Regarding the large “H3” rocket in development with the goal of its first launch next year, the Japan Aerospace Exploration Agency (JAXA) injects ultra-low temperature liquid fuel into the first aircraft and counts down to just before the launch “ultra-low temperature inspection”. It was held at the Tanegashima Space Center (Minamitane City, Kagoshima Prefecture). Although some work was stopped due to bad weather, the inspection data is said to have been obtained well.
Cryogenic inspection is a combination of the aircraft and equipment at the launch point to verify the content of the work until launch. It was a major milestone in the development and was held from the 17th to the 18th. The H3, which first appeared from the assembly building in the early morning hours of the 17th, was placed on the mobile launch pad and moved to the launch point. about 380 meters away. Connect pipes such as electrical cables and fuel. Starting in the afternoon of the same day, fuel was injected for approximately 4 hours, and at the same time the aircraft and equipment were inspected and functions confirmed. The countdown advanced to 6.9 seconds before the engine fired towards the estimated launch time of 1: 9 am on the 18th, and the procedure was verified. Subsequently, the fuel was unloaded and returned to the assembly building in the afternoon of the same day, and a number of works were completed.
In this inspection, the actual machine is used for the main body of the aircraft and the solid booster rocket attached to the side of the main body. No artificial satellites were mounted, and the fairing (satellite cover) on top was different from the white on the real machine, and black was used for testing. The “LE9” first stage engine was also being tested.
JAXA’s project manager Masashi Okada, who met on the morning of the 18th after completing the main work, explained that he had successfully acquired a series of data such as aircraft movement, work at the launch point, the countdown and reception of radio waves from the ground. monitoring station. “It is almost perfect in the school test. There were no major reworks in the final stage of combining the system, so I am not relieved, but I am relieved. Development has crossed one of the great mountains. I will continue to do my best to finish H3.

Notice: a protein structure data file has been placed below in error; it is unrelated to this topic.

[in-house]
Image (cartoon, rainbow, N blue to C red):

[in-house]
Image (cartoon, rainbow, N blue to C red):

The work was suspended due to heavy rains. Also, it takes time to prepare for the fuel injection, the pipes for the air conditioning inside the aircraft, the adjustment of the gas system to pressurize the fuel tank, etc., and it will be approximately 5 and a half hours from the plan when the countdown starts 60 minutes before expected launch. Time has passed. We planned to count down twice, but due to increased fear of lightning, we decided we could get enough data once and canceled the second time. We focused on the high-priority items and proceeded with verification.
The current “H2A” is attractive to the commercial launch market as an “on-time launch” that will launch at the scheduled time with great precision, except in case of postponement due to bad weather. Regarding the fact that the H3 job took longer than planned, Mitsubishi Heavy Industries project manager Tokio Nara said: “It was a development test and it took time because we proceeded carefully and worked while correcting the problems. I would like to improve the training level by reflecting the above, and finish it so that it can be operated smoothly and established at launch. We are developing it as a rocket for launch on time.
The H3 was found to be damaged in the LE9 combustion test in May last year, with the first launch scheduled for this year postponed to next year. Regarding the current state of LE9, Project Manager Okada described it as “the final stage to solidify the design.
The H3 is the successor to the H2A and the improved “H2B” that was in operation until May last year. Development is underway to respond to the increase in the size of artificial satellites and the reduction of costs in the global market. Like the H2A, it is a two-stage type that uses liquid fuel, but the LE9 uses Japan’s unique combustion method that has been used in the second-stage engine. The number of parts has been significantly reduced compared to the conventional method, and the mechanism and control have been simplified. We will also promote the introduction of new technologies and consumer products such as automobiles, with the aim of halving the launch cost, which is estimated at about 10 billion yen for the entry-level H2A model. The maximum capacity (geostationary transfer orbit) is 6.5 tons or more, which exceeds 6 tons of H2B.